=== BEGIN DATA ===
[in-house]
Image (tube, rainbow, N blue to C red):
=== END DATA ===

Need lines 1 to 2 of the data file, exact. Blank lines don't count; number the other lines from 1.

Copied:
[in-house]
Image (tube, rainbow, N blue to C red):